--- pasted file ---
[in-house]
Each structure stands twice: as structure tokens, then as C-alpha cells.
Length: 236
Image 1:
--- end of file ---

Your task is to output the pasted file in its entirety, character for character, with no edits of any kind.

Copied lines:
[in-house]
Each structure stands twice: as structure tokens, then as C-alpha cells.
Length: 236
Image 1: